March 15, 2021 Articles

DOJ Approves the Use of Binding Arbitration to Resolve Merger Disputes

Following a successful unprecedented use of binding arbitration to resolve a merger dispute, the department recently issued updated guidance on the use of arbitration and case selection criteria.

By P. Jean Baker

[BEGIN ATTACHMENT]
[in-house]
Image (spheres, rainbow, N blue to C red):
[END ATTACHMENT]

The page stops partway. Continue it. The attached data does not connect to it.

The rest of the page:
The automotive industry has historically relied on steel for automotive bodies, but the industry is increasingly adopting lighter weight aluminum instead. Only four companies supply aluminum body sheet (ABS) in North America. In July 2018, two of those companies—Novelis Inc. and a recent competitive entrant, Aleris Corp.—announced plans to merge. Concerned that the merger would likely substantially lessen competition in the manufacture and sale of ABS in the United States, the DOJ’s Antitrust Division filed a challenge. The United States’ Antitrust Division approved closure of the acquisition subject to a requirement to divest certain assets if the division prevailed in an arbitral proceeding. The parties agreed that the United States would file a complaint in federal court following the completion of fact discovery. On September 4, 2019, a civil complaint was filed in the Northern District of Ohio (United States v. Novelis Inc. & Aleris Corp., No. 1:19-cv-02033, ECF. No. 1). 

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